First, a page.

Previewing Maryland-Florida State

Image from al.com.

After two close games against top (and undefeated) ACC schools, Maryland heads back on the road to take on another top program – the Florida State Seminoles. While FSU stands at a less-than-impressive 3-3, they’re statistically (and talent-wise) one of the better teams in the country. Let’s run down the game, unit-by-unit.

Maryland Passing Offense vs. Florida State Passing Defense:

The Terps rank 71st in the nation in Passing S&P+ (a combination of success rate, points per play, and opponent adjustments) while Florida State ranks17th in Passing Def S&P+. For those in favor of more simple statistics, Maryland has passed for 205.5 yards per game (83rd in the nation) with a 110.66 pass efficiency rating (103rd in the nation) while the Seminoles have given up 197.83 yards per game in the air (30th in the nation) with an opponent pass efficiency rating of 129.88 (67th in the nation).

Maryland has recently made the switch at quarterback from former ACC Rookie of the Year Danny O’Brien (97/156, 930 yards, four touchdowns against six interceptions) to speedster C.J. Brown (27/59, 269 yards, four touchdowns against two interceptions, 33 rushes for 315 yards and two touchdowns), with mixed success. Brown has been excellent on the ground, but haven’t found a consistent passing touch – or a consistent target. With Kevin Dorsey (29 receptions for 361 yards and two touchdowns) out for the game, Brown’s only reliable passing option will be tight end Matt Furstenburg (21 receptions for 256 yards and two touchdowns), who broke out with a big five reception, 104 yard, two touchdown performance against Clemson. Starting at wide receiver will be senior Quintin McCree (ten receptions for 57 yards) and true freshman Marcus Leak (four receptions for 24 yards), making his first career start.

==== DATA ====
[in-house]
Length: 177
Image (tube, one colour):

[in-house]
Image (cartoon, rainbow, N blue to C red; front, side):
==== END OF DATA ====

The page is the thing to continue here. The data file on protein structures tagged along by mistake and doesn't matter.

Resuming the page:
Off the edges, Florida State starts Bjoern Werner (17 tackles, seven for a loss, five sacks, five pass breakups, one fumble forced, one fumble recovery, one touchdown) and Brandon Jenkins (22 tackles, five for a loss, two sacks). Werner is one of the most dynamic pass rushers in the ACC, and broke up four passes last week against Duke. At corner they start Xavier Rhodes (21 tackles, one for a loss, one pass breakup), Mike Harris (34 tackles, six for a loss, three pass breakups) and Greg Reid (12 tackles, one for a loss, three pass breakups). At safety are LaMarcus Joyner (27 tackles, one for a loss, two interceptions, two pass breakups) and Terrance Parks (20 tackles, one pass breakup).

Advantage: Florida State. Maryland can’t pass against anyone.

Maryland Rushing Offense vs. Florida State Rushing Defense:

Efficiency-wise, Maryland isn’t doing that much better on the ground than in the air, ranking 70th in Rushing S&P+, compared to Florida State’s 22nd in Rushing Defense S&P+. In terms of yardage statistics, Maryland is 38th in the country with 186.5 rushing yards per game, while Florida State is 9th in rushing defense, allowing 86.83 yards per game on the ground.

Maryland adds the aforementioned Brown to their group of effective runners, joining Davin Meggett (99 rushes for 482 yards and three touchdowns) and Justus Pickett (39 rushes for 175 yards and a score). Power runner D.J. Adams is still mysteriously missing from the rotation.